What’s going on here?
Friday was a furry good day for private equity firm EQT, which snapped up UK veterinary drugmaker Dechra.
What does this mean?
EQT’s been in talks to buy up Dechra since April, but the wooing process had its fair share of hairy moments. See, Dechra found itself in the doghouse when it issued a profit warning in the midst of negotiations. And that update – which certainly didn’t strengthen the drugmaker’s negotiating paw-sition – helped EQT bag a tidy 5% discount. Still, the deal ultimately came in at a cool $5.6 billion, a healthy 44% markup on Dechra’s value before the takeover whispers began. That pricey move will help expand EQT’s pet portfolio – which already includes everything from vet clinics to pet insurers and online retailers – putting the firm in a purr-fect position to capitalize on rising pet ownership rates.
Why should I care?
For markets: Low-cost London.
Private equity firms like EQT are always on the prowl for companies they can polish up and resell at a profit later, and this acquisition is a sign London-listed companies are maintaining their appeal. In fact, data shows that investment firms have splashed out almost $100 billion on UK public companies since 2018. That makes sense too: London-listed companies often trade at a discount compared to their US counterparts – and a lower entry price should make it easier to profit later on.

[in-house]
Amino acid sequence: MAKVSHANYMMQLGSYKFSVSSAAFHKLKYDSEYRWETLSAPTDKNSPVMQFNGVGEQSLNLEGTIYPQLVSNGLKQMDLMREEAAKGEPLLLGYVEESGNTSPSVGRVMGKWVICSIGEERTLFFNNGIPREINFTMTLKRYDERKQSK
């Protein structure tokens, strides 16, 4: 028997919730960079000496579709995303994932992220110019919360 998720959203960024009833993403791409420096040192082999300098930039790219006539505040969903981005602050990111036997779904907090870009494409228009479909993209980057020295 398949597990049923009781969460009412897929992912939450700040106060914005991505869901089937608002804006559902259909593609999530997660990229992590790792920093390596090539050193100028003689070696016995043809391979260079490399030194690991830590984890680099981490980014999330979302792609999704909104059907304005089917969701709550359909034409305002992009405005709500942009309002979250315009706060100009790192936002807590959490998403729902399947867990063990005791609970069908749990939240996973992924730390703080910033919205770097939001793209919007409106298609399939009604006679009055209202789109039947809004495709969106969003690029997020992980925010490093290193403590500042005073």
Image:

The bigger picture: Healthy sector.
Rising interest rates and jumpy stock markets meant that dealmaking hit a ten-year low (setting aside the pandemic dip) in the first five months of this year. But healthcare’s been a bright spot, growing to make up a juicy 15% of all deals in the same period. And after Friday’s Dechra news, there could be more of that to come: after all, demand for healthcare is typically as steady as a surgeon’s hand.
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